Commons develops new Visions


Leo Saperstein & Harry Tarses/Chronicle

HW Visions Progress report released Sept. 15 highlights five administration goals set in 2015 and how the school will implement change based on student opinions in the community to better student life, local communities and diversity, equity and inclusion.

Tessa Augsberger and Milla Ben-Ezra

The school published its first Visions progress report and released its broad-based Visions survey for its next report in an all-school email Sept. 15.

The report highlights five overarching categories of goals set in 2015: Happiness and Balance, Commitment to Inclusion, New Ways to Serve Los Angeles, Commitment to Character and Engaging Pedagogy, Curricular Innovation and Professional Growth. Each theme includes 7-10 steps the school has taken in the past five years to fulfill each Vision.

President Rick Commons said the school’s Visions report, which was delayed due to the COVID-19 pandemic, is similar to a strategic plan but is more idealistic and allows for greater flexibility. He said the periodic progress reports, as opposed to a single finalized strategic report, allowed the school to adapt to online learning during the pandemic.

“In March 2020, there was only one goal, [which was] to deliver school as best as we could [through] Zoom,” Commons said. “But we were thinking about [our] Visions, like happiness and balance in the student experience, new pedagogy and purpose beyond ourselves. [We thought,] ‘How can we do these things on Zoom school?’ and we had the Visions there [to guide us].”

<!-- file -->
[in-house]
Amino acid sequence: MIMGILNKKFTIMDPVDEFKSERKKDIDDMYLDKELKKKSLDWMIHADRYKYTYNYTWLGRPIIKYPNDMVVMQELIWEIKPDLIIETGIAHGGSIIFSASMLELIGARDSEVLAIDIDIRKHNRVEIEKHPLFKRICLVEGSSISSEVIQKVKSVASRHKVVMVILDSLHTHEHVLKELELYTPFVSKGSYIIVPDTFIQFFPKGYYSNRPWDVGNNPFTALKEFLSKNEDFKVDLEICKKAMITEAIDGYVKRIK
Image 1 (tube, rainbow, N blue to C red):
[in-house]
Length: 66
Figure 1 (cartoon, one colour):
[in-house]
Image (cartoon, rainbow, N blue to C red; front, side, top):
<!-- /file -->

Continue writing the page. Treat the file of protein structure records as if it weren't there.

Student Leadership in Diversity and Equity (SLIDE) co-chair Lauryn Milburn ’22 said she believes the school has made visible progress in its commitment to inclusion during her time as a student .

“I feel that the school has definitely made strides to improve the overall experience of students of color and black students,” Milburn said. “I appreciate the changes, and also I really liked that the school sent out things like surveys to hear from students themselves. [One way] that the school has improved is that they’ve definitely hired more teachers of color in their departments [who serve as] safe people you can go to if you’re dealing with anything, if you’re having a tough time or if you just need someone to talk to.”

Although she said she values the changes the school has implemented in alignment with its Visions document , Milburn said student leaders should be more involved in the Visions process and that the administration should be more transparent about the implementation of its Visions.

“The school can improve [by] letting students know what is being done behind the scenes because I feel like what is actually being changed and improved is sometimes hidden from students until it actually happens,” Milburn said. “Having those talks with administration and having more outlets to directly share how students feel and what we think could be better at the school, and also along with that, [for students to learn] how the school is fixing that actively [would be beneficial].”